If you missed part 1 or part 2 you may want to check those first.
On Thursday we had a more relaxed day and less driving time. I was feeling quite exhausted and my sinus issue and cough are still hanging around from when I had Covid.
In our unofficial quest to tick off as many Scottish Isles as we can we drove to Beàrnaraigh Mòr / the Isle of Great Bernera…its tiny and is accessed by a bridge. They have just last year finished a new bridge across. It had a lovely beach and the remains of an iron age settlement at Bostadh / Bosta beach. We saw an artist starting a big painting of the beach and had to pass some Highland cows as we walked back to the car park.
We bought some smoked salmon from the Uig smokery and went back to the cottage for lunch and walked on the beach next to the cottage. It was much softer to walk on…that or our weight gain was showing 😂
On Friday we headed back down to Harris to do the circular loop around the island.
We stopped at a small broch monument. That’s my husband poking out the top.
We went in search of Sam’s Seafood Shack which Google told us was open…it wasn’t. A familiar feeling and I’d say don’t trust Google on these islands out of season. We made do with some tea and cake in the car whilst looking across to the Isle of Skye.
We stopped at a couple of remote galleries on the east side and one, Finsbay Gallery, had so many paintings I loved. One, called “Approaching Storm” was perfect for our living room to go with the stormy sky lampshade (I felted). We liked others by the same artist, Jill Olenski, and if we had won the lottery I’d have bought a couple more of her paintings. She even made the peat bogs look attractive on one painting! It needs framing and I don’t like to take a photo of someone’s original art in case its copied.
On Lewis there’s a little converted shipping container that sells pizza called “Crust Like That”. It’s in the middle of nowhere really with nothing around it. We thought we’d go there for a late lunch and arrived about 3pm and discovered they’d sold out. Basically you need to order before 11am and they give you your slot for the day. We were pretty disappointed and hadn’t realised out of season it would be so popular. Instead we had fish and chips from a takeaway in Stornoway and ate it watching the boats return to the harbour.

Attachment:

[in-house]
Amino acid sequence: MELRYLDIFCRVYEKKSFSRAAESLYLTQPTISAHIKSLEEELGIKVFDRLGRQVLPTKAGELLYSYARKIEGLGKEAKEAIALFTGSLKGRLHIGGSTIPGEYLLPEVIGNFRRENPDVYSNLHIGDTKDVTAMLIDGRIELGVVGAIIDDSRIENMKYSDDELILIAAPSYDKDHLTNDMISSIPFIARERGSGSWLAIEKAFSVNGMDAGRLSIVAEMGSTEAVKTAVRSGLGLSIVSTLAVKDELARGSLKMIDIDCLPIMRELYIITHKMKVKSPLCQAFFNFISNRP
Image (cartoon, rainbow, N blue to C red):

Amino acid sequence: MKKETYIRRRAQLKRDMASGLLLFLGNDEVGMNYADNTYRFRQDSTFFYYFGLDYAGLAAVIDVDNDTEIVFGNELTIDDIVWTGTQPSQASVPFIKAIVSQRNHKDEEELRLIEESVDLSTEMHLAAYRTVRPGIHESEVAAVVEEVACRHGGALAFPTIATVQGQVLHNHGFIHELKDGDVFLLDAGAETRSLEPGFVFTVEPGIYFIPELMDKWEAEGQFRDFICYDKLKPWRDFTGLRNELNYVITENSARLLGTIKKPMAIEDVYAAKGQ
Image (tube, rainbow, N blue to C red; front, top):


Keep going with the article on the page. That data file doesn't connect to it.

On Saturday we were booked on the afternoon crossing back to Ullapool, so with check out by 9.30am we had some time to kill. We returned to Reef Beach for a little walk and then drove to Castle Lews, in Stornoway. What was once a castle is now a campus for the University of Highlands and Islands.
My husband went to get his hair cut and I went into a shop selling Harris Tweed. What a disappointment the “shop” was. They had thousands of pounds (£££) worth of Harris tweed on rolls, or made into coats etc, but it was absolutely filthy and smelled musty. Knowing the time it takes to warp a loom it’s such a shame to have seen so much work treated so badly. Harris Tweed all has to be woven on Lewis or Harris inside an islander’s home by them, by hand. I’d be furious if my work was in that filthy old building. I didn’t say anything to the old man who was in the shop, just thanked him and left empty handed. There are much nicer shops this one happened to be by the barbers near the castle.
Always on a ferry crossing I like to be outside because I get sea sick inside. So wearing thermals and all the layers we enjoyed the view as we sailed back to the mainland. There was some pretty cool clouds that made it look like we were sailing in a tiny gap between the sea and sky.
I mentioned before but we would recommend visiting out of season. Just make sure you pack all the food you need for breakfast, picnics and dinners and take a flask. Dining out options are limited to a few locations, even without a dog in tow.
That’s all folks! I hope you’ve enjoyed these 3 posts of our holiday. Islay and Jura are the next Scottish Isles on our list to visit. Nothing booked yet…I’ll keep you posted.
Absolutely loved this travelogue and will look forward anxiously to more adventures. I love your part of the world. My great-grandmother was a Campbell and emigrated from somewhere near Argyll, so maybe it’s genetic? I know you were disappointed to “just” get fish and chips, but living here in an exceptionally land-locked state, I’d happily eat “just” fish and chips for a week. Thanks for all the beautiful photos!
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Love the photos. Thank you for taking us along on your holiday. Islay is where my son’s favorite scotch is made. So will look forward to seeing those photos when you go.
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Thanks Marsha for your lovely comments.
Thanks so much. We have fish and chips quite a lot from our local chippy, so I suppose I’ve become immune to it being a treat, which it is really. Thanks for your lovely comments.
Beautiful! Thanks for sharing your gorgeous photos!
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Loved following along on your adventure – thank you for sharing!!